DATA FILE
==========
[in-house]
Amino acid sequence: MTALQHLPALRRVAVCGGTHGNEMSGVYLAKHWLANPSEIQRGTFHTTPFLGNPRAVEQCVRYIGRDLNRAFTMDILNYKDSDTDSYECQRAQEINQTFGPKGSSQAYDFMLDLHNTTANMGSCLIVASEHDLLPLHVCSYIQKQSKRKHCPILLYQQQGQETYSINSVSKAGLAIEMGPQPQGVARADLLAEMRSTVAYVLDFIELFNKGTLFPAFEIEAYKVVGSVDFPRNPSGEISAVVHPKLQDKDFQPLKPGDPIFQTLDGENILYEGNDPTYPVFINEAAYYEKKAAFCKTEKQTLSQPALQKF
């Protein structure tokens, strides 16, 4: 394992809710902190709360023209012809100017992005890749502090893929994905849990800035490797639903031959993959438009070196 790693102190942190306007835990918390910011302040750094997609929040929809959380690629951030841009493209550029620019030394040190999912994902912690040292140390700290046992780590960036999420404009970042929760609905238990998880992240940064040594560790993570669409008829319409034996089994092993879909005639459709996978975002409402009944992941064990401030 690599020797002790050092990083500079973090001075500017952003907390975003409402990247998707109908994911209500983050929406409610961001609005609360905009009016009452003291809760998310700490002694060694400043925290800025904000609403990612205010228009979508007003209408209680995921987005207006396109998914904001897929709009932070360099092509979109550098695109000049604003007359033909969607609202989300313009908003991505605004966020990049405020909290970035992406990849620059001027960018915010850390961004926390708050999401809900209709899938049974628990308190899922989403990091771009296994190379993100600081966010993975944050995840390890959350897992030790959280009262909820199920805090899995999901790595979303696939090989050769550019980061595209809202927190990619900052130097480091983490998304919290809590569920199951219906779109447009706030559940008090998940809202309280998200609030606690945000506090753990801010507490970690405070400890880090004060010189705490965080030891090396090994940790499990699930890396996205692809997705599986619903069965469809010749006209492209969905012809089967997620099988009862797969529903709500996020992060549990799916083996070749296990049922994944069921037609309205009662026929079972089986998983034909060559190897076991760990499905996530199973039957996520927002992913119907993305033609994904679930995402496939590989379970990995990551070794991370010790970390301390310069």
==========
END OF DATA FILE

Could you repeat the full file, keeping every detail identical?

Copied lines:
[in-house]
Amino acid sequence: MTALQHLPALRRVAVCGGTHGNEMSGVYLAKHWLANPSEIQRGTFHTTPFLGNPRAVEQCVRYIGRDLNRAFTMDILNYKDSDTDSYECQRAQEINQTFGPKGSSQAYDFMLDLHNTTANMGSCLIVASEHDLLPLHVCSYIQKQSKRKHCPILLYQQQGQETYSINSVSKAGLAIEMGPQPQGVARADLLAEMRSTVAYVLDFIELFNKGTLFPAFEIEAYKVVGSVDFPRNPSGEISAVVHPKLQDKDFQPLKPGDPIFQTLDGENILYEGNDPTYPVFINEAAYYEKKAAFCKTEKQTLSQPALQKF
């Protein structure tokens, strides 16, 4: 394992809710902190709360023209012809100017992005890749502090893929994905849990800035490797639903031959993959438009070196 790693102190942190306007835990918390910011302040750094997609929040929809959380690629951030841009493209550029620019030394040190999912994902912690040292140390700290046992780590960036999420404009970042929760609905238990998880992240940064040594560790993570669409008829319409034996089994092993879909005639459709996978975002409402009944992941064990401030 690599020797002790050092990083500079973090001075500017952003907390975003409402990247998707109908994911209500983050929406409610961001609005609360905009009016009452003291809760998310700490002694060694400043925290800025904000609403990612205010228009979508007003209408209680995921987005207006396109998914904001897929709009932070360099092509979109550098695109000049604003007359033909969607609202989300313009908003991505605004966020990049405020909290970035992406990849620059001027960018915010850390961004926390708050999401809900209709899938049974628990308190899922989403990091771009296994190379993100600081966010993975944050995840390890959350897992030790959280009262909820199920805090899995999901790595979303696939090989050769550019980061595209809202927190990619900052130097480091983490998304919290809590569920199951219906779109447009706030559940008090998940809202309280998200609030606690945000506090753990801010507490970690405070400890880090004060010189705490965080030891090396090994940790499990699930890396996205692809997705599986619903069965469809010749006209492209969905012809089967997620099988009862797969529903709500996020992060549990799916083996070749296990049922994944069921037609309205009662026929079972089986998983034909060559190897076991760990499905996530199973039957996520927002992913119907993305033609994904679930995402496939590989379970990995990551070794991370010790970390301390310069």